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Rutgers Exhibit Examines Complex History of Voting Rights in America

"The Elusiveness of Progress" on Display in Piscataway Now Through August
Martin Luther King, Jr.
Martin Luther King, Jr.

PISCATAWAY, NJ—Exploring the tortuous history of voting rights in America is at the forefront of a new exhibit at Rutgers University's Kilmer Library: “The Elusiveness of Progress: Voting Rights in America.”

With the 2016 presidential election in full swing, the exhibit seeks to hark back to August 6, 1965 - when the Voting Rights Act was signed into law by Lyndon B. Johnson.

The Act was signed following public pressure stemming out of the famous protest marches from Selma to Montgomery, Alabama at the peak of the Civil Rights Movement.

Martin Luther King Jr.'s Southern Christian Leadership Conference (SLCC) spearheaded the marches as a focused effort to register black voters in the south. 

“It is important to know the evolution of the Voting Rights Act, not only to understand our nation's checkered past but also to grasp the covert manner in which one of our most progressive bills is being subverted,” said Paul Kibala, Kilmer Library reference assistant and curator of the display.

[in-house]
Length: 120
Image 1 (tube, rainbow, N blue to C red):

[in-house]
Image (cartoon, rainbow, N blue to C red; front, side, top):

Attendees have a chance to peruse through documents at the exhibit, on display through the end of August at the Kilmer Library, located on Avenue E within the Livingston campus of the university.

Those documents include a literacy test from 1964, photos of the Selma marches, a photo of President Johnson officially signing the Act, charts and graphs from the American Civil Liberties Union regarding the impact of voting right setbacks on minority voters, and a photo of President Barack Obama delivering a speech at the 50th anniversary of the "Bloody Sunday" march at the Edmund Pettus Bridge in 2015.

According to exhibit organizers, the display is meant to inform viewers of the ever-changing nature of the Voting Rights Act and how it relates to voting in modern day.

Voting discrimination, while dramatically declining following the signing of the act, continues to be a contentious topic today.